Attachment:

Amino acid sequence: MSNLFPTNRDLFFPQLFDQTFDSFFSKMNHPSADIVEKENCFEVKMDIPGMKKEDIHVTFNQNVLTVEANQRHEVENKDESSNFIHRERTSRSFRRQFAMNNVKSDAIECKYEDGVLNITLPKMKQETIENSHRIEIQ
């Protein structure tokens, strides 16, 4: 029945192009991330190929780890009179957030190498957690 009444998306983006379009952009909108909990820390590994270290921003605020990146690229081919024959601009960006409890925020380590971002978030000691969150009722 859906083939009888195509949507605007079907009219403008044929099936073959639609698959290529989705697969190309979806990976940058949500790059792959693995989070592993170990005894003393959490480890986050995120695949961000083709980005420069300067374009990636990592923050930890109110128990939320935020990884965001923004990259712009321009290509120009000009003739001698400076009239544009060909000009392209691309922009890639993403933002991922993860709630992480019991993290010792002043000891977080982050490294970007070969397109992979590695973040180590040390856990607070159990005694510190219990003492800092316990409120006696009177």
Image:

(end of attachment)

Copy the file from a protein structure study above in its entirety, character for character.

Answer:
Amino acid sequence: MSNLFPTNRDLFFPQLFDQTFDSFFSKMNHPSADIVEKENCFEVKMDIPGMKKEDIHVTFNQNVLTVEANQRHEVENKDESSNFIHRERTSRSFRRQFAMNNVKSDAIECKYEDGVLNITLPKMKQETIENSHRIEIQ
């Protein structure tokens, strides 16, 4: 029945192009991330190929780890009179957030190498957690 009444998306983006379009952009909108909990820390590994270290921003605020990146690229081919024959601009960006409890925020380590971002978030000691969150009722 859906083939009888195509949507605007079907009219403008044929099936073959639609698959290529989705697969190309979806990976940058949500790059792959693995989070592993170990005894003393959490480890986050995120695949961000083709980005420069300067374009990636990592923050930890109110128990939320935020990884965001923004990259712009321009290509120009000009003739001698400076009239544009060909000009392209691309922009890639993403933002991922993860709630992480019991993290010792002043000891977080982050490294970007070969397109992979590695973040180590040390856990607070159990005694510190219990003492800092316990409120006696009177």
Image: